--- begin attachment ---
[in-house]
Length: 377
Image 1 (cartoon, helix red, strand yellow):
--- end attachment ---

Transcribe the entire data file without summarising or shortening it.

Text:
[in-house]
Length: 377
Image 1 (cartoon, helix red, strand yellow):